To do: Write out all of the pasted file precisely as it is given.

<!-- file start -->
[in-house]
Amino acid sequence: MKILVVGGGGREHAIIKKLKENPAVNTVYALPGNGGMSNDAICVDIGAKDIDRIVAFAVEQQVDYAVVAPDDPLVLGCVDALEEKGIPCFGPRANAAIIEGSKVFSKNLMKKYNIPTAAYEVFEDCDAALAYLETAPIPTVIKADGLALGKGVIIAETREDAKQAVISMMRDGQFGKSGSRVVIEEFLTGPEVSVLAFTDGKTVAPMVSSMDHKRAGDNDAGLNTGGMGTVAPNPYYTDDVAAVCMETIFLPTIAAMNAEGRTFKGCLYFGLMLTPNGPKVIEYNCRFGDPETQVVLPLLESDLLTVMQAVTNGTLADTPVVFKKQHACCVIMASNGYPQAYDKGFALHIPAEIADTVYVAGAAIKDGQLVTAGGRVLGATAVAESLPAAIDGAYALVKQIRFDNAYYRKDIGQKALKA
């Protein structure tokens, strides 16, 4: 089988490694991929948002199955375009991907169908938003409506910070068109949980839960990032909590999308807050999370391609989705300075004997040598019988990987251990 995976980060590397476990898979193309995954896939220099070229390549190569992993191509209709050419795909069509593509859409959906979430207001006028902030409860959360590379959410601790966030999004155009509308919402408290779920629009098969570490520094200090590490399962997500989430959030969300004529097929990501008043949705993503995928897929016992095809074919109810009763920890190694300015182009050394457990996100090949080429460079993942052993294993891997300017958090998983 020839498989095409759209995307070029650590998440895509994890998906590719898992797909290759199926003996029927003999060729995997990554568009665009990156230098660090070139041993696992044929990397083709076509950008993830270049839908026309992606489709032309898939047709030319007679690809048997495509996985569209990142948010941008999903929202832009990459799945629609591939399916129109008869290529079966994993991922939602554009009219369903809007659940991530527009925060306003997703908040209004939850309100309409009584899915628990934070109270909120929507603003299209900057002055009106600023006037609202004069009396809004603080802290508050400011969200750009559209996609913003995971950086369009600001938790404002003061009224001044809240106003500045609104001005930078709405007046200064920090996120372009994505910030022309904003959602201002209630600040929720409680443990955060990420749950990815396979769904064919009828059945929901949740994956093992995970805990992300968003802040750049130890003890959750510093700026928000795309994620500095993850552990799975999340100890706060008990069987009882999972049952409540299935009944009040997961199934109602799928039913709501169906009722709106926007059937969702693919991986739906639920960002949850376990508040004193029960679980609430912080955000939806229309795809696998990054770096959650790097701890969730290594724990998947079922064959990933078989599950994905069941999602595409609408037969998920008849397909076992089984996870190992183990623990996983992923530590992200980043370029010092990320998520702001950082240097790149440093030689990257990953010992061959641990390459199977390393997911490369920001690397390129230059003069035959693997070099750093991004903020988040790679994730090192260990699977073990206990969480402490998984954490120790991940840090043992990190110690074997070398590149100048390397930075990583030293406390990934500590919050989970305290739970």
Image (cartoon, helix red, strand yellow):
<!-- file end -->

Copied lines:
[in-house]
Amino acid sequence: MKILVVGGGGREHAIIKKLKENPAVNTVYALPGNGGMSNDAICVDIGAKDIDRIVAFAVEQQVDYAVVAPDDPLVLGCVDALEEKGIPCFGPRANAAIIEGSKVFSKNLMKKYNIPTAAYEVFEDCDAALAYLETAPIPTVIKADGLALGKGVIIAETREDAKQAVISMMRDGQFGKSGSRVVIEEFLTGPEVSVLAFTDGKTVAPMVSSMDHKRAGDNDAGLNTGGMGTVAPNPYYTDDVAAVCMETIFLPTIAAMNAEGRTFKGCLYFGLMLTPNGPKVIEYNCRFGDPETQVVLPLLESDLLTVMQAVTNGTLADTPVVFKKQHACCVIMASNGYPQAYDKGFALHIPAEIADTVYVAGAAIKDGQLVTAGGRVLGATAVAESLPAAIDGAYALVKQIRFDNAYYRKDIGQKALKA
């Protein structure tokens, strides 16, 4: 089988490694991929948002199955375009991907169908938003409506910070068109949980839960990032909590999308807050999370391609989705300075004997040598019988990987251990 995976980060590397476990898979193309995954896939220099070229390549190569992993191509209709050419795909069509593509859409959906979430207001006028902030409860959360590379959410601790966030999004155009509308919402408290779920629009098969570490520094200090590490399962997500989430959030969300004529097929990501008043949705993503995928897929016992095809074919109810009763920890190694300015182009050394457990996100090949080429460079993942052993294993891997300017958090998983 020839498989095409759209995307070029650590998440895509994890998906590719898992797909290759199926003996029927003999060729995997990554568009665009990156230098660090070139041993696992044929990397083709076509950008993830270049839908026309992606489709032309898939047709030319007679690809048997495509996985569209990142948010941008999903929202832009990459799945629609591939399916129109008869290529079966994993991922939602554009009219369903809007659940991530527009925060306003997703908040209004939850309100309409009584899915628990934070109270909120929507603003299209900057002055009106600023006037609202004069009396809004603080802290508050400011969200750009559209996609913003995971950086369009600001938790404002003061009224001044809240106003500045609104001005930078709405007046200064920090996120372009994505910030022309904003959602201002209630600040929720409680443990955060990420749950990815396979769904064919009828059945929901949740994956093992995970805990992300968003802040750049130890003890959750510093700026928000795309994620500095993850552990799975999340100890706060008990069987009882999972049952409540299935009944009040997961199934109602799928039913709501169906009722709106926007059937969702693919991986739906639920960002949850376990508040004193029960679980609430912080955000939806229309795809696998990054770096959650790097701890969730290594724990998947079922064959990933078989599950994905069941999602595409609408037969998920008849397909076992089984996870190992183990623990996983992923530590992200980043370029010092990320998520702001950082240097790149440093030689990257990953010992061959641990390459199977390393997911490369920001690397390129230059003069035959693997070099750093991004903020988040790679994730090192260990699977073990206990969480402490998984954490120790991940840090043992990190110690074997070398590149100048390397930075990583030293406390990934500590919050989970305290739970």
Image (cartoon, helix red, strand yellow):